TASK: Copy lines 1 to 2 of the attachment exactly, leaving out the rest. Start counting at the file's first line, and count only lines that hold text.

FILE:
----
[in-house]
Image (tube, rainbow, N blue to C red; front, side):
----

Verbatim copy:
[in-house]
Image (tube, rainbow, N blue to C red; front, side):